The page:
The long-awaited Alibaba giant IPO (initial public offering) has been announced as China’s leading e-commerce company files documents in the US. Analysts predict possibly the largest IPO in global history. In March 2014, Alibaba had mentioned it planned an IPO in the US soon.
In its filing at the Securities and Exchange Commission, Alibaba says it plans to raise $1 billion, but most Wall Street investors are talking of figures above $15 billion. It will have to raise more than $16 billion to beat Facebook’s listing in 2012. It will become the largest Chinese company to be listed in a US stock exchange.
The filing contained no details on how many shares will be on offer or at what price range.
Update, June 27, 2014: Alibaba has chosen the New York Stock Exchange for its initial public offering. It will be listed under the ticker “BABA”, which means “eight eight”. Eight is a lucky number in China.
Update June 17, 2014: following criticism for lack of disclosure, Alibaba published updated earnings and sales data, as well as details on its leadership. While revenue and earnings have increased, profit margins have slipped.
Alibaba giant IPO in US, but where?
The company has not yet announced where in the United States it plans its initial public offering. The most likely venues will be either NASDAQ or the New York Stock Exchange.
The Alibaba Group is a privately-owned Hangzhou-based company of online-based e-commerce businesses including online retail and payment services, business-to-business online web portals, a shopping search engine, and cloud computing services.
The company was founded in 1999 by Jack Ma (born Oct 1964), an Internet entrepreneur, who set up the web site Alibaba.com, a business portal originally designed to put Chinese manufacturers in touch with foreign buyers.
Why the name Alibaba?
Mr. Ma says he came up with the name in a San Francisco coffee shop. He wondered whether it might be a good name and asked the waitress who said she knew who Alibaba was, “Alibaba and the 40 thieves,” she said. He then went outside and asked about 30 people of different nationalities and confirmed that the name Alibaba is known worldwide.
Mr. Ma explains that Alibaba was a kind and intelligent business person who had helped the village. The name is catchy and easy to spell. Mr. Ma was clearly thinking globally even at this point, otherwise, why would he be interested in a internationally-used name?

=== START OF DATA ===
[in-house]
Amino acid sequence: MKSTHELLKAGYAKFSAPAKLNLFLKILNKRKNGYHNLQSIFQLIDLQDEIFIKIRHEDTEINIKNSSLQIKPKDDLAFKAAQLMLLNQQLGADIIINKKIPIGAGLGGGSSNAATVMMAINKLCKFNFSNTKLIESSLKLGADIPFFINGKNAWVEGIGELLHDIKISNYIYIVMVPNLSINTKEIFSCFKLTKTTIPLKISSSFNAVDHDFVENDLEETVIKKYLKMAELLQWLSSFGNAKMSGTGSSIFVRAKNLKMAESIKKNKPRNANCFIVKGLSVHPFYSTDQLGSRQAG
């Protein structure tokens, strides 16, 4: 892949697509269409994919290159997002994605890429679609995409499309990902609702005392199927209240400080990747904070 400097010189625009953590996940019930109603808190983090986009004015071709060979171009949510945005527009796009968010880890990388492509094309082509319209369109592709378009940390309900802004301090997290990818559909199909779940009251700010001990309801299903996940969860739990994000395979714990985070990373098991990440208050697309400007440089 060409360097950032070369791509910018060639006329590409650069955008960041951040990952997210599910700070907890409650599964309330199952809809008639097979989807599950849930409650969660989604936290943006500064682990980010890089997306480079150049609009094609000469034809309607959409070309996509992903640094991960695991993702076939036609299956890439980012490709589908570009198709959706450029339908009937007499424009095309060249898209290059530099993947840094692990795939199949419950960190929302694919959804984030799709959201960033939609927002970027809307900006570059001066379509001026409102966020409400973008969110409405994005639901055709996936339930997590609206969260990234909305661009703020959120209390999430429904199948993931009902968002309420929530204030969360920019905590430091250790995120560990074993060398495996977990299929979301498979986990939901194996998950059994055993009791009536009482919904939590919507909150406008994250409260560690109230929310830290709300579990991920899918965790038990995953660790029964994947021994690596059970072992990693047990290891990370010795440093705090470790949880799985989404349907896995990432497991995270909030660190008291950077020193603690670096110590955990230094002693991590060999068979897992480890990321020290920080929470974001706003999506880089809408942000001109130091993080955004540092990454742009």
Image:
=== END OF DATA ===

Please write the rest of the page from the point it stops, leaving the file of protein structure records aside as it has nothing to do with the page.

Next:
From 1999 to 2000 Alibaba raised $25 million from SoftBank, Fidelity, Goldman Sachs and some other financial institutions. By December 2001 the company was making a profit. Taobao, the firm’s consumer e-commerce platform was formed in 2003.
As part of a strategic partnership deal, Alibaba took over Yahoo’s operations of China Yahoo in 2005. It was successfully listed on the Hong Kong Stock Exchange in 2007.
Listing gives us some idea about Alibaba’s finances
Alibaba’s filing today gives investors an idea of the company’s finances. Up to the end of December 2013, Alibaba generated revenues of 40.5 billion yuan ($6.5 billion) and made a profit of $2.9 billion.
In 2013, the company sold merchandise to the value of $248 billion, with over 11.3 billion orders placed.
The Alibaba Group’s value of merchandise sold across its platforms in 2013 was worth more than the combined total of Amazon and eBay. It is responsible for 72% of all purchases made via mobile phones in China.
Investors will be excited about the potential of the Alibaba giant IPO at a US stock exchange. Many wonder whether the company can replicate its amazing success in China on a global scale. If it can the company will become a massive worldwide e-commerce powerhouse.
Who are Alibaba’s shareholders?
Alibaba’s shareholders come from China, Japan, the US, Singapore, Russia and other parts of the globe. They include:
Softbank – 34.4% share. Masayoshi Son, CEO of Softbank, a Japanese telecom company, invested $20 million in 2000. Analysts value Softbank’s stake in Alibaba at more than $40 billion, depending on the company’s final pricing.
Yahoo – 22.6% share. In 2005, Jerry Yang, Yahoo’s co-founder and CEO at the time, made a $1 billion investment which gained 40% ownership of Alibaba. In 2013 Yahoo sold nearly half its stake back to Alibaba for $7.1 billion. Softbank was once a major shareholder of Yahoo.
Yahoo’s remaining stake is estimated to be worth about $27 billion. As soon as Alibaba goes public Yahoo has to sell part of its stake, at which point Jackie Reses, Yahoo’s current representative on Alibaba’s board, will step down.
Many say Yahoo’s fortunes have been saved by Alibaba’s surging revenues.
Jack Ma – 8.9% share. Mr. Ma was an English language teacher before becoming an Internet tycoon. He founded Alibaba. He is today one of the richest people in China thanks to his stake in the company. In 2013 he stepped down as CEO to concentrate on China’s environmental problems.
Joseph Tsai – 3.6% share. Tsai is Alibaba’s executive vice-chairman. He was a member of the original founding team.
Other shareholders include Temasek (Singapore), DST (Russia), Silver Lake (Silicon Valley, US), Yunfeng Capital (China).
Many questions still unanswered
According to the Wall Street Journal, Alibaba has left many questions unanswered, despite its 2,000-page filing. The newspaper quoted Forrester analyst Kelland Willis who said “I think there are a lot of holes that haven’t been filled. People in the West have suspicions about the way Chinese companies are operating, and they’re going to want to know specific numbers and details about Alibaba’s books.”
The IPO comes just one year after US-traded Chinese Internet stocks recovered from an extended slump caused by a series of accounting scandals and concerns regarding inadequate disclosure.
With the IPO a few months away, Alibaba, which values itself at $109 billion and might gain a valuation as high as $250 billion, has time to explain more.